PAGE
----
I was 16 years old when the death rattle sounded in my parent’s marriage. It would be another seven years before my mom and dad would actually divorce, but in the summer of 1986 something had snapped like a marrowless bone and the blue colonial house we lived in on the corner of Grand and Clinton was broken in two.
I spent a lot of time away from home that summer. When I wasn’t at my job pumping gas at Tony and Vinnie’s Automotive Shop on the south side of town, I was at the library reading books on vampires, monsters, and werewolves. There was something about fictional horror that made the real life Twilight Zone episode of my family falling apart easier to accept. That summer I read Stephen King’s Skeleton Crew. This collection of short stories featured the novella “The Mist” about a supernatural fog that envelopes a small town, bringing out the worst in a group of people trapped in a supermarket. Though the story took place in Maine I couldn’t help but imagine that a similar thick cloud of dread had somehow blanketed Rockville Centre and my home in particular that summer.
Quickly devouring the remainder of the stories in Skeleton Crew as if they were potato chips, I moved on to the novels, Carrie, ‘Salem’s Lot, The Shining, and Cujo. These books spoke to me in altogether new ways. Chief among them was my identification with the doomed protagonists—mostly outsiders and misfits—in just about all the stories. Most of King’s characters were screwed. For whatever reason, Fate had decided to be cruel to these people and that was that. Sometimes the good guys won. Sometimes not. But in the end Fate is a powerful god and, more often than not, the son-of-a-bitch always seemed to come out on top.
As that summer drew to a close and the arguing at home increased, I noticed a newspaper article announcing the release of a new King novel, one that purportedly incorporated all the monsters from our nightmares. The novel was titled It--“It” being the evil under the bed, the ghost in the basement, the distorted face staring at you from your closet in the middle of the night, or the thing scratching at your window during a thunderstorm. “It” could also be that horrid clown that had scared the crap out of a six-year-old me at the old TSS department store in Oceanside (he tried to give me a piece of gum—I screamed and ran for my life). Though I didn’t know it at the time, “It” was also the monsters that manifested in my parent’s disappointment, sadness, and anger. Big ugly monsters lurking in the attic are one thing; little memory monsters perched on my parents’ shoulders seemingly whispering vitriol in their ears as we sat around the dinner table was another.
I preordered the book at a local B. Dalton’s in East Meadow on Long Island. (This was in the days before Amazon.com when you had to actually call a store or stop in and talk to a real person, usually exchanging words of excitement about an upcoming new novel from a favorite author. How quaint.) The arguments continued at home, but I spent the remainder of the summer and my first days back at high school fantasizing about King’s new book, wondering how he was going to scare the bejeebers out of me this time.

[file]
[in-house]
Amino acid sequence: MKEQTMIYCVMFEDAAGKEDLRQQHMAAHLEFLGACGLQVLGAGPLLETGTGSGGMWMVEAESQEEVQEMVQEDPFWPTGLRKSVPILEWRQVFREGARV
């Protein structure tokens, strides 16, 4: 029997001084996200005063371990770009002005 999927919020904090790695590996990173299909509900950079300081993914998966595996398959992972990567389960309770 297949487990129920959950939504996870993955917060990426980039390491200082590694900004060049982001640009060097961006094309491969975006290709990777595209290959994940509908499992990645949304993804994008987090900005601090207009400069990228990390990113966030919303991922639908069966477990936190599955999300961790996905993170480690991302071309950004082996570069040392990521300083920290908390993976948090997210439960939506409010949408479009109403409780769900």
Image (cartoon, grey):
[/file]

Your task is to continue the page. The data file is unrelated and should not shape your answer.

In the middle of September I got a call that the new King book had arrived. I begged my mom to take me to the store so I could dig right in. She agreed and we hopped into her car and drove for a half-hour along traffic light riddled Hempstead Turnpike. I don’t remember exactly what the weather was like that early evening, but in the fiction of my memory the drive looked something like a Ray Bradbury dusk—a sky the color of bruised pumpkins, crepuscular shadows that made the people on the streets look like phantoms, and, in the distance, what may have been a dark mist rolling in from the south.
I was in and out of the store in fewer than five minutes. In my hands I held a whopping doorstop of a book. The cover was black. King’s name dominated the jacket, hanging like a specter over the title, which was printed in blood red letters. Emanating from the shadows was a scene depicting a dark street, a paper boat, and green, reptilian fingers rising out of a sewer grate. The book, which was over a 1000 pages long, will turn out to be the lengthiest book I had ever read.
“That’s a big book,” my mom observed. I glanced over at her. She looked tired. Hollow. That year, I was still just a bit shorter than her. Even so, I found myself imagining that if I was really, really tall, looking down onto the top of her head I would see that she had been cored just like an apple.
“What’s the first line?” she asked.
I remember sniffing the top of the book, something I always did in those days. I opened it, hearing a little pop as the tight binding acknowledged my presence. I read aloud.
“The terror, which would not end for another twenty-eight years—if it ever did end—began, so far as I know or can tell, with a boat made of a sheet of newspaper floating down a gutter swollen with rain. “
To this day I don’t know what exactly it was about those opening lines, but something about them made me want to become a writer.
And somehow my mom, who I always suspected of being able to read minds, looked at me and said, “You’re going to be a famous writer one day.”
I closed the book. I was silent. Her words lingered in the air like cigarette smoke.
Twenty odd years later, Penguin would publish my book Holy Ghosts, a memoir about growing up in a haunted house. And though I’m far from famous, I did become a writer, just as my mom predicted. In fact, I may have actually started writing in my head on the way home that evening. It was a story about a moment in time; there were no ghosts, no monsters, no sinister mists and nothing to fear, just a mother and her son driving together down a suburban turnpike at twilight.
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